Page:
THE ITALIAN RISORGIMENTO
Here is a chronological presentation of some of the salient dates, events and protagonists that enabled the unification of the Italian peninsula.
Four possible models were proposed: a confederation of states under the spiritual and temporal guidance of the Pope by Vincenzo Gioberti; a federation of secular republics by Carlo Cattaneo; a united republic by Giuseppe Mazzini, and a united constitutional monarchy by the Piedmontese diplomat Camillo Benso Count of Cavour. The fourth option, a united and centralized constitutional monarchy under the aegis of the Savoy dynasty, was the one that won out and led to the declaration on March 17th, 1861 of a united Italy.
Traditional patriotic hagiography refers to Giuseppe Mazzini as being il cuore (the heart) of Italy’s unification, Camillo Benso di Cavour as il cervello (the brain), and Giuseppe Garibaldi as la spada (the sword). Italy’s unification, notwithstanding its tortuous path and its resulting shortcomings, has to be viewed, in hindsight, as one of the major accomplishments of 19th century European history. Knowledge of the past enables a better understanding of the present. This is my aim in presenting in a point form the Risorgimento, the process that led to a national identity that anyone, both on Italian soil or abroad, is so proud of.
1815 - Napoleon Bonaparte is defeated at Waterloo and exiled to the St.Helen island. At the Congress of Vienna (June 1815) Austria, England, Russia and Prussia institute the Concert of Europe, or Holy Alliance, an instrument of antirevolutionary intervention under Austrian Prince Klemens von Metternich’s influence. The Savoy dynasty is brought back to power and Genoa and Liguria are annexed to Piedmont. Milan and Venice become part of the Austrian empire. Three small Italian states (Parma, Modena and Tuscany) are tied to the Austrian dynasty. The papacy views Austria as its prime protector. The King of Naples Ferdinand I of Bourbon is restored to the throne by Austria and is part of its sphere of influence.
The political Restoration sanctioned in Vienna that did away with the ideals of the French Revolution found its major challenge on the Italian Peninsula. The conflict caused numerous upheavals and revolutions in the course of the 19th century. The process of Italian political and territorial unification is known as Risorgimento.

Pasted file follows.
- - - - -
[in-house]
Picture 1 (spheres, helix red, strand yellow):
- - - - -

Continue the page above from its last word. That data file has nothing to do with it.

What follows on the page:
1820 - Upheavals organized by Carboneria (a secret political organization) take place in Naples and Sicily led by General Gabriele Pepe. Historian Pietro Colletta gives a detailed account of the events in his Storia del Reame di Napoli. King Ferdinand crushes the revolutions with Austrian help.
1821 - Liberal upheavals take place in Piedmont. Carbonari Piero Maroncelli and Silvio Pellico are arrested and sent to prison. Pellico tells his sufferings in the Spielberg penitentiary in a famous book Le Mie Prigioni.
1831 - Upheavals take place in the Duchies of Parma and Modena. Duke Francesco IV seems to favour the revolution, but he reneges and has the leaders of the plot arrested. Ciro Menotti is condemned to death.
1831 - A former Carbonaro, the Genoese Giuseppe Mazzini, founds La Giovine Italia, a secret society that advocates a united and republican Italy. In 1833 he is condemned to death in absence for a failed conspiracy in Piedmont. In 1834 he founds La Giovine Europa. In 1837 Mazzini goes in exile to London where he stays till 1848.
1844 - Two Venetian brothers Emilio and Attilio Bandiera, admirers of Mazzini, organize an insurrection among the sailors of the Austrian fleet. They land in Calabria and try to begin a revolution. Peasants see them as brigands, not liberators. They are shot to death by the Bourbon army.
1846 - Bishop Mastai-Ferretti, who chooses the name of Pius IX, is elected Pope. To begin with, he is viewed as a liberal when he gives freedom to political prisoners. After 1849, he takes a very conservative political stand and defends the Pope’s right to temporal power.
1848 - Insurrections break out throughout Europe (France, Austria, Hungary, Prussia and Italy). King Charles Albert of Savoy concedes the Statuto (constitution). The same happens in the Papal States, in the Kingdom of the Two Sicilies and in Tuscany.
1848 - Le Cinque Giornate di Milano - On March 18th Milanese patriots rise against Austria and during five days freedom reigns in the city. On March 23th Piedmont accepts the patriots’ call and declares war on Austria. The economist Carlo Cattaneo, who favoured a federal republic for a united Italy, is the leader of the Cinque Giornate. On July 25th the Piedmontese army is defeated at Custoza. On August 9th King Charles Albert signs an armistice and the Austrians once more take possession of Milan.
1849 - Proclamation of a democratic Republic in Rome. Giuseppe Garibaldi assumes command of the republican forces. A young volunteer from Genoa, Goffredo Mameli, composes the poem Fratelli d’Italia which will become the national anthem of Italy. He is wounded and dies in his twenties. A triumvirate (Giuseppe Mazzini, Aurelio Saffi and Carlo Armellini) assumes political power and eliminates the temporal power of the Pope. From his refuge in Gaeta Pope Pius IX calls upon the king of Naples and on France to help him restore his power. On July 1st, the Roman Republic falls. Garibaldi and his volunteers fight gallantly. They manage to flee from Rome. At San Marino, Garibaldi dissolves his army. His wife Anita dies and he leaves Italy and goes to America.